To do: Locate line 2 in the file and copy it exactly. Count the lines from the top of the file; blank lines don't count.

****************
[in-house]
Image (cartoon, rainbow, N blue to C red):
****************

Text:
Image (cartoon, rainbow, N blue to C red):